Bay Leaf Tea
Making Tea Out Of Bay Leaves
You’ve probably used dried bay leaves plenty of times in savory dishes such as stews, thick pasta sauces, braises, and marinades. Moreso than not, it is added whole and removed prior to serving the meal. The leaf of the Bay Laurel tree is prominent in many dishes because the flavor melds beautifully, lending a bit of brightness and helping to marry other ingredients. It typically settles into the background, though, and rarely plays a starring role. So even though you are familiar with this useful spice, you may not have the slightest clue what it actually tastes like.
Dried bay leaves are incredibly aromatic and possess subtle notes of mint and pine with further complexities of flavor reminiscent of eucalyptus, black pepper, fresh cut grass, and even a delicate sweetness akin to citrus blossoms. While they are most notably represented in hearty dishes, those flavor and aromatic properties position this herb perfectly for consumables on the lighter side, as well. Think broths, vinaigrettes, seafood dishes, and yes, even tea.
If you really want to fully experience the flavor profile of bay leaf, we highly recommend sitting down to a cup of bay leaf tea. It is light, bright, satisfying, and thirst-quenching, but that isn’t the only reason folks like to drink it.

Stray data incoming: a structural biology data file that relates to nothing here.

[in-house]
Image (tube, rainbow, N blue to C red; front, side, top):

Bay leaf has been noted to improve digestion, take the edge off coughs, lower cholesterol, ease stomach pain, alleviate sinus pressure, treat migraines, and more. Furthermore, they are loaded with important vitamins and nutrients that could improve your immune system function.
Bay leaf tea is wonderful on its own, but the options are pretty much endless when it comes to flavor additions. Some folks prefer to brew their bay leaf tea with ginger, lemon, or mint leaves. We think it is equally fantastic with lemongrass, blade of mace, or cinnamon. We like it in the morning with just a bit of lemon and honey and in the evening with honey and milk.
How to Make Bay Leaf Tea
- 3-4 dried bay leaves
- 2 cups of water
- Optional: Mint leaves, lemongrass, lemon juice, ginger, cinnamon, mace blade, honey, milk
- Bring your water to a boil and drop in your bay leaves.
- If you are adding ginger, cinnamon, mace blade, or lemongrass, add those at this time too.
- Boil for 3 minutes
- If you choose to add mint, place it in the pot and remove from heat.
- Cover and let steep for 5 minutes.
- Stir in your the optional honey, lemon juice and/or milk, if desired, and serve.